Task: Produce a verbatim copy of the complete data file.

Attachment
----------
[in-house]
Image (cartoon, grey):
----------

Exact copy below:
[in-house]
Image (cartoon, grey):